I haven’t always loved my moles – I was teased in high school because I had them all over. Boys used to joke that I probably had them on my bum…which indeed, I do! I did some modeling when I was in college and I remember getting my first big shoot–my arms were completely smoothed and photoshopped to “look more commercial.” I didn’t recognize my skin! Now, I love them because they set me apart. I feel there is an amazing movement right now to embrace and champion the non-conformity. Difference is cool.
I like to call them my chocolate chips, (as an ex aptly named them). My favorite is a giant puffy one on the side of my hip. It’s like a bathing suit beauty mark.
Editor’s Note: Arianna has a book coming out early next year that we can’t wait to read!
Alexis Manson | @VoguishgraceMy freckles started to appear when I was six and we went on vacation to visit my family in Costa Rica. It started with just a few on my nose and then every year we returned to Costa Rica, more and more appeared. The sun there is no joke!
By the time I started 4th grade, my freckles had multiplied. I remember an occasion when my classmate drew a photo of me with a square face and lots of polka dots. I was so embarrassed, I went home and told my mom. She said to me, “Lec, they are beautiful, don’t listen to silly boys.” Well unfortunately, her advice didn’t reach me until I was 18. I was finally at an age when I looked in the mirror, I saw my family in me, and it made me very proud to carry their genetics. Those who know me can attest to this, my family is my entire world. So I’ll take the freckles and whatever else they want to give me.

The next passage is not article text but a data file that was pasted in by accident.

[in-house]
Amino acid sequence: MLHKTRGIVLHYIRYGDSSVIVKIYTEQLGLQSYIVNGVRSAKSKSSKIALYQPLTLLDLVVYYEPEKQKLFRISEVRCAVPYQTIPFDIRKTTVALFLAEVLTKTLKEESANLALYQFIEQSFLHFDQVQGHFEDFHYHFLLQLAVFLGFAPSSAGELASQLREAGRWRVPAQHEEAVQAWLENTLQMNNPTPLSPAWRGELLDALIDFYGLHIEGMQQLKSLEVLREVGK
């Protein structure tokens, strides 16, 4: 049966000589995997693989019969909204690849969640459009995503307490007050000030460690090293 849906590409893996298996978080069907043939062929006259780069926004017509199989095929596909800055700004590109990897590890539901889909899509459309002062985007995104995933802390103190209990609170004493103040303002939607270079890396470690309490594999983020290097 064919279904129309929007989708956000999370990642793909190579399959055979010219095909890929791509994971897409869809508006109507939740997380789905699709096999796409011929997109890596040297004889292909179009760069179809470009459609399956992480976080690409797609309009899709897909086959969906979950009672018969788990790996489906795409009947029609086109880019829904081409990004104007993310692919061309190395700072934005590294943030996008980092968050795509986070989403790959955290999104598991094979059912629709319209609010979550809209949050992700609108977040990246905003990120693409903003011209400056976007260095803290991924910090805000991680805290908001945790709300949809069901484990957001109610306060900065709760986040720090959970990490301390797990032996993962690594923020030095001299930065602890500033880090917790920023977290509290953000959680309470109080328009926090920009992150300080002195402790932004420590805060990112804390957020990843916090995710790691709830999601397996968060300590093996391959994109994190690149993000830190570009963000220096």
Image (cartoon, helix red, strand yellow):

I try very hard not to cover them, I tend to apply Eighteen B rich cream and Coverfx (Radiance C + Lemongrass) with a little mascara and call it a day. I’m all about showing off these bad boys and making them glow.
At the start of 2018, I launched my brand, called Voguish Grace – publicizing my journey as a represented model, while collaborating with individuals within my niche to merge and expand our networks. I live by this quote that I created: “When all else seems to fail, enlighten the world with your presence.”